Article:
By Anne K. Phillips and Gregory Eiselein
As we bring the Little Women 150 blog to a close, we offer some concluding thoughts on the project and the amazing year in Alcott it has been.
We are deeply grateful to our fifty-three contributors for their insightful reflections on the chapters of Little Women. Every post offered food for thought, including observations about Alcott’s life, her family’s interpersonal dynamics, her writing process, her attitudes toward gender, race, class, and ability, her reform impulses, and the contexts for her work, among other topics. We have delighted in premiering these posts on Monday mornings each week since July 2018, and we feel some sadness at having come to the end of the book.
We are very grateful to our readers, who shared responses with us (often while extending access to our posts through their social media). Some of our participants and friends have used the blog postings as teaching tools, and student responses have been shared with us, for which we express thanks while hoping that the posts might continue to prompt student discussion and reflection. Writing about Sandra Harbert Petrulionis’ observations about Chapter IV, “Burdens,” for instance, Karenah Harewood wrote that the post “really opened my viewpoint on the March girls. Before I thought that I could see myself actually sympathizing for them but after reading this, it makes me not want to sympathize for their decrease in fortune.” Detailing her concerns about the March sisters’ complaints despite their evident privilege, and taking exception as well to Hannah’s uneducated speech, Harewood concluded by expressing appreciation for the way that Petrulionis made her “think critically about what’s going on.” Petrulionis’ observations about Hannah’s race, by the way, prompted much debate among Alcott scholars, and that debate has led to additional and forthcoming scholarly activity.
In another enthusiastic response, Mary Shelden has written:
I especially loved Marlowe Daly-Galeano’s piece on Jo’s knowledge of her own mind, and Kristen Proehl’s piece on considering Elbert and Trites with her students. So refreshing! I tried to work in a back-and-forth with these actual blogs in my post, but in the end, couldn’t spare the word count — so if you have the chance, please share my appreciation with them, as they truly helped me get to the point where I could say what I’ve said here. Love this project!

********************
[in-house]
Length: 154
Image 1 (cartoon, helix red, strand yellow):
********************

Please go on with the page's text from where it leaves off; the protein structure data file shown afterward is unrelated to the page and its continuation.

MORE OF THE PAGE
Some of the responses have come from international audiences. Niina Niskanen shared thoughts about Friedrich Bhaer’s reference to Jo as “Professorin.” Her perspective was so interesting that we begged permission to share it with you:
I was 17 when I read Little Women II (also known as Good Wives) for the first time and there was something in the proposal under the umbrella that always bothered me and now after a decade later I found out that it was a translation error. In this beautiful scene Friedrich tells Jo that he is traveling to the west to provide education for his nephews Franz and Emil and Jo is heartbroken because he is leaving and they finally reveal their true feelings for one another. They both agree to work hard to build their life and future together. As a symbol of this Jo takes some of the parcels he is carrying. In the Finnish translation that I’ve read Friedrich gives Jo the title of ‘professorin rouva’ which literally means ‘professor’s wife.’ I found this very strange. There is all this talk about them being equal to one another and then this. I’ve come to known Friedrich as a man who mends his own socks, has re-built his life in a foreign country and as someone who has managed to raise two young boys by himself. He is not possessive over women, especially not over Jo for whom he has utmost respect (and a heart full of love). Friedrich is like Jo, someone who doesn’t think that marriage should be a goal of one’s life but a union between two people based on love and trust. Neither of them represents the traditional role of men and women of the time and their marriage is going to be unique because of that.
I recently read Little Women I and II for the first time in English and in the English version Friedrich gives Jo a German title of Professorin. I happen to speak German and I know that Professorin doesn’t mean professor’s wife. It is not even close to it. It means a female professor. By giving this title Friedrich makes Jo equal to him and Jo is delighted because as a woman (and coming from a poor family) she has not been allowed to continue to higher education. Little Women II takes place [at a time when] women were allowed to participate on university lectures and exams but they were not allowed to matriculate or graduate . . . Friedrich’s attraction to Jo is as well both physical and intelligent. He knows she is very well-read and has a sharp mind. Her interests hardly fit within the domestic sphere; she can achieve many great things if she wants to and he is more than willing to support that. I nearly missed all of that because of a translation error which completely changed the meaning of his words.
Finally, if you have enjoyed this project and remain hungry for further discussion of Little Women, we would encourage you to seek out the latest issue of Legacy (vol. 36, no. 1), arriving this month, which contains a delightful and diverse “Forum: Little Women at 150,” with an introduction by Jennifer Putzi and contributions from a wealth of scholars, including Donna Campbell, Randi Tanglen, Katherine Adams, and Anne Boyd Rioux, among other eminent voices.
Thank you for joining us as we say goodbye to our sesquicentennial celebration and hello to future readings, editions, interpretations, retellings, and engagements with Louisa M. Alcott’s beloved masterpiece, Little Women.